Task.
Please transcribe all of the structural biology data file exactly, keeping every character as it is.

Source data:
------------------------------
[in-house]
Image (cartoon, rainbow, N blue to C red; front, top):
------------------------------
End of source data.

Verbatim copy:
[in-house]
Image (cartoon, rainbow, N blue to C red; front, top):